Revolving door

TW: references to suicide methods

I remember the first time I was in hospital I was sitting on the floor chatting with my friend Phil, when he spotted somebody he recalled from a previous admission. “There’s Paul!” he said, looking really pleased to see him. “Great guy. Lives with his mum. Voice hearer. Whenever the voices start telling him to kill his mum, his CPN (Community Psychiatric Nurse) gets him in here for a few days, they have a little look at his meds, three days later, job done and he’s home.”

I felt sad for Paul. It didn’t seem like much of a life, an existence punctuated by admissions, although I admired his relationship with his CPN and his ability to spot when things were getting risky.

Today, as I was discharged from hospital for the fourth time in two and a half years, I reflected that I was becoming something like Paul. I have to accept now that when I get into a mixed mood state with intrusive, “loud”, relentless thoughts of ending my life, hospital is the best way to make it all stop and give me my head back. A week ago I couldn’t rest, couldn’t enjoy myself, couldn’t focus on anything other than how to run away from Tom and take my life. Now I feel completely normal.

I tried to manage things in the community. I was brave, and confessed to the overdose plan. Tom took charge of my medication boxes. I was brave, and confessed that I had extra boxes he had forgotten about. Then, as I always do, I kicked myself for giving up my means to my end. My CPN was involved in the decision to have Tom hide my meds, but told me that she would be on annual leave the following week.

An overdose now less possible, my whirring brain went on to the next thing. Having thought so much in the past about the train tracks, my mind went there next, especially as around last week I had been, ironically, very triggered by this Samaritans video on preventing railway suicide. I rang my CPN on the last working day before she went away and told her that things were “rough and rocky” (those were the words I believe I used). I don’t think I told her the half of what was in my head, but she was concerned enough to refer me to the Crisis Team.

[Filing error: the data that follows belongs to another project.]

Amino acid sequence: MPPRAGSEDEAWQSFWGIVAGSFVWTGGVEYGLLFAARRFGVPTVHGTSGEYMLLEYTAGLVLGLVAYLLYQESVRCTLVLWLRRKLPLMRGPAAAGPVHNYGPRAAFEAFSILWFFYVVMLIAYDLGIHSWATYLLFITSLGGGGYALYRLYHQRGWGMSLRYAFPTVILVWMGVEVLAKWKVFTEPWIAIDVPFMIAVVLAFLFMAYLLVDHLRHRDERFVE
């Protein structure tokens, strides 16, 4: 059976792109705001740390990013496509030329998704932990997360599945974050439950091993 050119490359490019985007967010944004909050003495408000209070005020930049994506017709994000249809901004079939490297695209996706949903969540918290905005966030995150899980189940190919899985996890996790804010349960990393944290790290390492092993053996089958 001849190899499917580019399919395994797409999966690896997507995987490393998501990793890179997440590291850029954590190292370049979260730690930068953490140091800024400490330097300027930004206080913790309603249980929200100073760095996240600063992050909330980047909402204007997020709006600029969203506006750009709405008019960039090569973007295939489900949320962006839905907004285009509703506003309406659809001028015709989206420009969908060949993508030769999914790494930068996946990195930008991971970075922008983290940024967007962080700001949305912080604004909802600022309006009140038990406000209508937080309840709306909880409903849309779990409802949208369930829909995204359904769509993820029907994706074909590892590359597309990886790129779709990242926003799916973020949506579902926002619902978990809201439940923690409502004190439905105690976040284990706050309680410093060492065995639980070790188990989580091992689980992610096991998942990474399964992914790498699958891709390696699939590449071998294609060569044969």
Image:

The Crisis Team were a pleasant surprise. When we moved to Wales we were pretty much told that there was no home treatment as such, and that if I got into a real crisis situation I would have to go to A&E. Yet there they were, within hours of the referral, travelling in pairs and ready to visit twice a day if needed. I wasn’t 100% honest with them at first. My mind had moved on again. I lived in London when I had these kinds of plans before, but now we are in the country where the trains are slow and infrequent and it would have been easy for Tom or the Crisis Team to call the police and track me down. So my next plan was to take a very circuitous rail route to a big city and do the job there. I spent a lot of time thinking about how I could keep changing up my route to evade the police.

By this point I was also into the practicalities. Tom and I went for a lovely country walk but in the back of my mind I was thinking about how to leave him my bank and life insurance details, the contents of the notes I would leave for my children, my social media passwords so that he could notify my family and friends. I couldn’t focus on anything. Being with those thoughts was like standing behind a waterfall; the noise of them drowned everything else out, yet I remained curiously emotionally untouched.

If it wasn’t upsetting, though, it was tiring. Boy, was it tiring. The constant plotting and planning and evaluating was absolutely exhausting and in the end it was the exhaustion that drove me to full disclosure. The Crisis Team and I had been having the “Do you think you should be in hospital?” conversation for a couple of days, but on Sunday morning I had come to a point of such utter weariness that I decided that if they offered me admission, I would say yes. I would even tell them the full extent of my planning. I loaded up a couple of books onto my Kindle and charged my wireless headphones. Just in case.